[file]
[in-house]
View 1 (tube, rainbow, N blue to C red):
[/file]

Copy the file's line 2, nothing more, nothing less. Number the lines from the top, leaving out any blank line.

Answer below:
View 1 (tube, rainbow, N blue to C red):